I was moments from sleep last night, I could feel my thoughts slowing, slipping into a dream when suddenly, out of the cricket-chirps and rustling leaves came a scream. “AHHHHH, AHHHH, AHHHHHHHHHH,” I heard. Exactly like that, over and over again.
I ran to my window and listened for a second, then another, before thinking, “one of the neighbors must have heard this and called the police.” On my way back to bed I froze, as the second thought entered my head, “bystander effect.”
Quickly as I could I sprinted to my parents room, woke my mother (in my panicked state I had no idea what else to do), and watched nervously as she called the police who were on the scene in moments – unfortunately, just seconds before, the screaming that had been a constant for the last three minutes finally ceased to an uneasy, abrupt silence.
I went to sleep feeling guilty at my slow reaction time – but proud that at least I had done something. That person who’s screams I heard at least had a chance of being helped because of something I had remembered from a Social Psychology class, something that had stirred me to action. Bystander effect.
In Social Psychology we were told about Kitty Genovese:
Despite Genovese’s repeated cries for help, none of the dozen or so people in the nearby apartment building who heard her cries called police for help. The attack first began at 3:20 AM, but it was not until 3:50 AM that someone first contacted police.
Kitty’s murder inspired Social Psychologists John Darley and Bibb Latane to run a series of experiments that found a correlation between the number of people witnessing an emergency situation, and the likelihood of someone taking action to remedy the situation – the more people we perceive as witnessing an emergency, the less likely we are to act.
But why? Darley and Latane believed it had something to do with diffusion of responsibility – or the idea that someone else (in my case, one of my neighbors) will take responsibility for the situation, so we don’t have to. This logic leads to disaster when we fail to realize that, to the other people witnessing this situation, we are that “someone else” who is expected to take action.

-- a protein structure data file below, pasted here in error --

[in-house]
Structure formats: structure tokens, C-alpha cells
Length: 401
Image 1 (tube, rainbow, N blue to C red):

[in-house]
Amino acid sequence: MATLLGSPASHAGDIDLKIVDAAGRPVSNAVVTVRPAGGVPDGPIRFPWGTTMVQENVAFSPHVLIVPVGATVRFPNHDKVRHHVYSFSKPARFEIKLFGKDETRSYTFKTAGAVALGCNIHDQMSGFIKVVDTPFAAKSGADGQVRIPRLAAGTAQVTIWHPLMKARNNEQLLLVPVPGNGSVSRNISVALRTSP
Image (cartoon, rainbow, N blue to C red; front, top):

I almost fell victim to it, don’t let bystander effect happen to you!
HOW CAN WE BREAK THE BYSTANDER EFFECT?
- If you know what to do, do it. Just being aware of the existence of the Bystander Effect makes you far more likely to be able to break free of it. (Just look at what happened to me!) Don’t let fear take over, don’t assume someone else knows what they’re doing better than you – just act. (The good news is, if you take the first step, people are likely to see you taking actions to help and break through their hesitation as well. Its much easier to jump in to a situation when you’re not taking the first step.)
- If you don’t know what to do or can’t do it yourself, be directive. Calling people out as individuals breaks them from the group mentality and reminds them of their own personal responsibility. If at all possible call people by name (like, “Anna, quick go call 911!“) or by an identifiable characteristic (“You in the green shirt, quick, he needs help!“)
- You could always try yelling “BYSTANDER EFFECT” (although I don’t recommend this as a first resort) and hope that someone else remembers Latane and Darley well enough to understand what you’re saying and be spurred into thought. (If you do this let me know – I have a Social Psych professor who is interested in how this works as a method!)
The bottom line is just do something because somebody has to be the “somebody else” who takes that first step!
The story does have a happy ending, or an embarrassing ending (if you’re me.) The next morning, when I asked my father anxiously for an update – had we heard anything, had they found anyone? – he informed me that he’d heard the same screams, the night before I had… they weren’t human.
I refused to believe him, that is, until my friend Jess jumped on Google and played a barn owl call for me. “AHHH, AHHHH, AHHHHH…” AHA! It all made sense – the uniform nature of the “screams”, the complete lack of words, the fact that the “screams” even took place at all (I was surprised, at the time, that the person’s mouth had not been covered as this attack scene unfolded in my head), the way the “screams” ended abruptly, rather than fading out like someone in pain… it all made sense.
A faster reaction from me wouldn’t have changed a thing, all the cops would have found was a very loud owl … but the lesson still stands because if that had been someone in trouble my mom would have been the only one who called for help: bystander effect.
I don’t think they ever did find the owl.
* Click the owl to hear an approximation of what I heard last night!